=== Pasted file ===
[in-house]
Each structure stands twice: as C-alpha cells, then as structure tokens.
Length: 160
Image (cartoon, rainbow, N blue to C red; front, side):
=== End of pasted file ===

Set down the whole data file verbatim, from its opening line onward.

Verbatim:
[in-house]
Each structure stands twice: as C-alpha cells, then as structure tokens.
Length: 160
Image (cartoon, rainbow, N blue to C red; front, side):